Everyone piled into mini-vans and headed for the North of England Wools Depot. We didn't have time to appreciate the size of the building until we were in it, donning our hi-vis vests. It's immense. It has to be: 90% of the wool clip arrives between June and September, but it's held, graded at the rate of 150,000kg/165 US tons per week and released to market gradually throughout the year to ensure the price remains relatively level, which benefits both producers and purchasers in the long term. If my scribbled notes are accurate, the Depot is currently holding 700-800,000kgs of wool (that's 772-882 US tons), and the same again is stored at Carlisle waiting for grading. To put that in better perspective, total UK wool production in 2010 was 28 million kg, about 31,000 US tons... and that's about 3% of world production. And THAT is why The Campaign For Wool is an international campaign... but more of that in another post.

The white mattress-like things at left are 'sheets' full of ungraded wool. The BWMB supply the sheets, producers fill them for collection or deliver them to intermediate centres, which compact them for efficient transport before the BWMB trucks bring them to the depot for grading. The orange plastic bales each contain c. 400kg of graded wool... but I'm getting ahead of myself.

Above, an overview of the grading area. To the right is a sheet of fleece hanging above the table on which the grader (chap in the white shirt) is working.

The grading area in more detail. You can see the frames holding individual wool sheets, the tables and the graders working. It takes 5 years to train as a grader: they grab a fleece, classify it by breed, assess it according to the grades for that breed (the grades vary from breed to breed), then throw it into the appropriate skep (bin), all in a lot less than 30 seconds/fleece. It's important to note that they're not looking for the same things as a handspinner, because industrial wool producers aren't handspinners. Fineness, presence or absence of coloured fibres and kemp, dirt content (dirty fleece is termed 'arable' and worth much less than clean because it loses so much weight in processing) are much more significant than breed, for example. Skeps of graded fleece are weighed on the floor scale visible behind our guide, Chris, then wheeled into the queues for the bale compactors. Fearsome beasts these, and unsurprisingly noisy.

With apologies for the disembodied heads... Chris is very proud indeed of their new double compactor, which is faster and more efficient than the old single compactor. You may just be able to see that full skeps are being tipped onto a conveyor belt feeding them into a vertical shaft; when the shaft is full, a ram compresses the shaft-full to about 1/3 height, a relatively small package...
(This is a freshly-compacted bale on the single compactor), the plastic wrappers are pulled down, and wire links used to tie the bale. Then the ram rises and the fleeces exhibit the famous springiness of English wool as they try to rise to their original bulk! They're then stacked with others of their grade.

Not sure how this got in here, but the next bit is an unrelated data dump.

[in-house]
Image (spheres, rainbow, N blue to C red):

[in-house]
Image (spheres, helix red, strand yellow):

Note the circular hole visible in some bales. This is the sign that they've been sampled:
This machine takes core samples (you can see a scatter of circular patches on the floor) from bales to assess uniformity of fibre quality, dirt content, grease content, and here my notes are indecipherable due to cramp - it's a long, long time since I took notes by hand like this! The bales are stored here until they're sold at auction, and can be held free of charge for up to four weeks after purchase; longer storage is chargeable. Over 70% of the wool goes overseas for processing and manufacture; currently demand is high in China, 15 container-loads per week, which is why wool prices are rising. Which is why the amount of wool produced each year in the UK is rising: good news after decades of decline. This year they're expecting 29 million kgs and, if demand continues at this level, they hope for >30 million kgs in the near future.

Along with facts and figures we had time for many other questions. For example, they don't have any problem with moth, probably because it's too cold and the wool is passing through relatively quickly. The bales sit longer, but they are largely protected by plastic and are so dense that moth larvae could make little impact anywhere but the surface. In case you're wondering, they're very pleased with the quality of the finish of their new concrete floor, but by the end of the processing season the lanolin leaves it as slippery as a dance floor, so they have to have it thoroughly cleaned for safety reasons. The graders no longer succumb to Wool Sorters' Disease aka anthrax, and a detailed medical study shows they're in no danger from pesticides used on fleece.

To finish, here's a poor photo of a North of England Wools truck.

 Although it's clearly promoting British Wool, the trucks are not always loaded with fleece - for maximum efficiency, they take haulage contracts for other goods when travelling to the depots to collect fleece. So when you see one of these trucks it might be full of tiles, but they're still advertising British Wool. I like that.

Stay tuned for Part II, the delightful Martin Curtis and his Haworth Scouring Company!